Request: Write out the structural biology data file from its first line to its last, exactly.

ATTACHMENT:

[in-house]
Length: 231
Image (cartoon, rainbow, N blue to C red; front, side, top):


[in-house]
Length: 231
Image (cartoon, rainbow, N blue to C red; front, side, top):